Kyra will go to UC San Diego, her dream school. Danny will go into the army. Raquel will go to Berkeley. A boatload of kids are going to community college, another, slightly smaller boatload, to UC Santa Cruz, UC Davis and UC Merced. Another boatload to various Cal States. Jonathan will go to Vassar, the second graduate of our school ever to attend a private college out of state. Manuel, who last year sat in my classroom crying because his parents refused to allow him to go to college so he could work to help support the family—Manuel will go to Cal State L.A. I guess he talked his parents into it.
There they are, my juniors from last year, now seniors in cap and gown crossing the stage and getting diplomas. The audience is cheering like crazy. Somewhere in the crowd is Ernesto, who drove us all crazy because he was so out of control and who somehow, miraculously, managed to graduate last year. He is now in community college. On another side of the room is Yesenia, one of my brightest students, who did not attend college because she had a baby, now on her lap bouncing up and down and watching Yesenia’s brother graduate.
A year has passed since I left my job to start this journey. Just as it’s time for my former students to move on into the rest of their lives, it’s time for me to move on, too. After the ceremony, as I hug them and wish them well, after the photo ops and promises to stay in touch, I say good-bye to them at least for now. I also say good-bye—at least for now—to my time as a classroom teacher.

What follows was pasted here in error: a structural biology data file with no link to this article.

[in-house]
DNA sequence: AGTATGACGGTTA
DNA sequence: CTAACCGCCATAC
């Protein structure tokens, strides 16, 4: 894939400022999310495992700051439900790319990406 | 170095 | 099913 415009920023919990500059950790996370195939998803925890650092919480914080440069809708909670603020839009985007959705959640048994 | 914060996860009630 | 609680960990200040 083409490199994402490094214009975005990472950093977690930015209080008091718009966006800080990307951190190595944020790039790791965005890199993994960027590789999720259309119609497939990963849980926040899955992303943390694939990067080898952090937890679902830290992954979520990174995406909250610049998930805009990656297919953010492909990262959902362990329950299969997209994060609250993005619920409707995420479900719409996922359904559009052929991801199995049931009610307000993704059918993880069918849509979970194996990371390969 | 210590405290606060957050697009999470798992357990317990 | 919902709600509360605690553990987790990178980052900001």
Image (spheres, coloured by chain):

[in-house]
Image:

When I began this year of learning about education and teaching, I assumed I’d return to teaching at the end of the year. Over the course of these last months, as I’ve sat in classes watching the life-changing, deeply rewarding, complex and creative work that teachers do all day, I’ve had a chance to think honestly about the work that I feel I’m best at and where I think I might make the biggest contribution. What I’ve loved most about this year of learning, and what I always loved about teaching, is the opportunity to listen to people one on one, to hear people’s stories and have time to get to know them. I love the space that opens up when you can truly be present with another person. I realized, over the course of this year, that my favorite times with my students were always the quieter times after class when we could talk and I could hear about their lives.
During the year, as I did this project, I also volunteered with two different non-profit organizations, in one case teaching poetry at a continuation school for young adults, in another working with highly motivated and proficient 7th graders in an after-school enrichment and mentoring program. I cannot begin to describe the sweetness of working with a small group of students in a more relaxed setting. I know I will be deeply moved by the graduation of the continuation school students later this month. Their strength in overcoming unthinkable hardship and trauma is a source of inspiration. I’ll say good-bye, but I won’t forget them.